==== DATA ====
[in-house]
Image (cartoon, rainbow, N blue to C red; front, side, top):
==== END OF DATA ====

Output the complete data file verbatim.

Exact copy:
[in-house]
Image (cartoon, rainbow, N blue to C red; front, side, top):